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Teapot Collections Cast Pieces
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Photo Index

Cabbage Patch Corner$40.00

Cabbage Patch Corner
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L2831 L2890 Cabbage Patch Corner by Lilliput Lane
Sturminster Newton Dorset
2005/2006 Symbol of Membership
2.75 W x 3 L x 2.75 H
The picturesque village of Sturminster Newton can be found nestling on the edge of the Blackmore Vale, Thomas Hardy's 'Vail of the little Dairies', along the upper reaches of the River Stour. Thomas Hardy lived in the village for two years and it was during this time that he wrote his novel 'Return of the Native'. Despite some elaborate tutor timbering and pretty windows complete with original leaded lights this Cabbage Patch Corner looks every bit the humble cottage straight out of one of Hardy's novels but ironically has some grand origins having been inspired by one of Newton's most interesting buildings dating back to the 15th century. During medieval times it was owned by the Abbot's of Glastonbury. It was then seized by Henry the 8th who gave it to his wife Catherine Parr and later still Elizabeth 1 one gave it to Lord Rivers.  

Little Tea Caddy$24.00

Little Tea Caddy
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L2995 Little Tea Caddy by Lilliput Lane
Upper Swanmore Hampshire
2007 Gift with Purchase 2L x 2W x 2H
The owners of Cruckwell House rescued this eighteenth-century Timber framed saddlestone granary from a bonfire believing it would make a perfect place to serve teas. They moved the quaint little building timber by timber and rebuilt it on the grounds of their restored 17th century farmhouse in 1992. With its glorious scented roses around the door it certainly looks the perfect place for people to enjoy morning coffee and afternoon tea whilst taking in breathtaking views across the Isle of Wight. This little gem depicts this truly quintessential English seeing so well that one can easily find oneself imagining you are there in person .'now then is that one lump or two?....'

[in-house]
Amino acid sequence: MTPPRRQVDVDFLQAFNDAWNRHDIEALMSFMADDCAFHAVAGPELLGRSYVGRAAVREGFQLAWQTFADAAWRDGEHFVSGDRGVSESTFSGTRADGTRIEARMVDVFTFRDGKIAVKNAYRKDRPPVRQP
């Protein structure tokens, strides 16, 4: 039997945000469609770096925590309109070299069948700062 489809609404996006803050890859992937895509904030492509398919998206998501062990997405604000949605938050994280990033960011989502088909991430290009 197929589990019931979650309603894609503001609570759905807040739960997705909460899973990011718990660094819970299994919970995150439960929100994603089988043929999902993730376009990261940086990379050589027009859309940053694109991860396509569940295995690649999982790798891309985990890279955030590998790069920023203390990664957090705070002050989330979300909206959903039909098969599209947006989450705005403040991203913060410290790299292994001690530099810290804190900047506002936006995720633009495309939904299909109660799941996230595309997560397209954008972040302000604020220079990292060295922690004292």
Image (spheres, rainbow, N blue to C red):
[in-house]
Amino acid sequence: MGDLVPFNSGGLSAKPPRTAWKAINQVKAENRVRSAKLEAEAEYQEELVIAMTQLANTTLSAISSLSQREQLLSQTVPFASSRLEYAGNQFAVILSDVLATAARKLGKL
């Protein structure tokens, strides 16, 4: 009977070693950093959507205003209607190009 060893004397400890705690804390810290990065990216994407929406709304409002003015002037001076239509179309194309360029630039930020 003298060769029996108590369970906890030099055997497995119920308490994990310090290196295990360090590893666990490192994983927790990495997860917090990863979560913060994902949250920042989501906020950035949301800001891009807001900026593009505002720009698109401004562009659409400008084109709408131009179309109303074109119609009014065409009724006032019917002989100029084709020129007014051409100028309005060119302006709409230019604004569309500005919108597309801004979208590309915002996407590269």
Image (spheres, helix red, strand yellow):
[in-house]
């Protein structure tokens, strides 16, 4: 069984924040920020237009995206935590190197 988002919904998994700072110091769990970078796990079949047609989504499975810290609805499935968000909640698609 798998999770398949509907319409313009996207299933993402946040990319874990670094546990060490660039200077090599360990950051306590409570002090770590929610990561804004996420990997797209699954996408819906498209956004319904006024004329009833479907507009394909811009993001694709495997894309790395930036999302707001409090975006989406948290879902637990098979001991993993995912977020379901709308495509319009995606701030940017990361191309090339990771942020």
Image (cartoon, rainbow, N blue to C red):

The Flying Scotsman$200.00

The Flying Scotsman
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L3396 The Flying Scotsman at King Lynn A limited Edition sculpted by John Ball
LTE 199 of 500
8.5L x 3 W x 2.25 H
The Flying Scotsman is the only surviving member of Sir Nigel Gresleys A1 class 'Pacific' locomotives. Introduces in 1922 for the Great Northern Railway, it gained a reputation as a fast and reliable for the Companys successer, the London and North Eastern Railway (LNER) running the special scotch express service between London and Scotland. As well a many other parts of the system.

The Special Scotch Express from Kings Cross and Edinburough, via York had already become known by the nickname "Flying Scotsman Express".. Built in Doncaster in 1923 at the cost of L7,944, the Flying Scotsman was chosen to represent Gresleys A1 Pacifics in the Great Enpire Exhibiiton at Wembley in 1924 and 1925. It was considered to be the elite of the class. Her last journey in Revenue Service was in January 1963. After having completed some 2,076,000 miles she was scheduled for withdrawal by British Railways but was saved from the scrap heap which was the fate of all the other engines in her class. She was sold for 3000 pounds to businessman Allen peddler and Flying Scotsman became one of the first privately owned steam local motives to operate regularly on the British Trailways system after the official end of steam in 1968. Since then she has enjoyed many years of service in preservation in the UK  

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